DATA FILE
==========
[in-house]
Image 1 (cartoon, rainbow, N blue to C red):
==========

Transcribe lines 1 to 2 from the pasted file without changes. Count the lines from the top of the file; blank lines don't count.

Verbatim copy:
[in-house]
Image 1 (cartoon, rainbow, N blue to C red):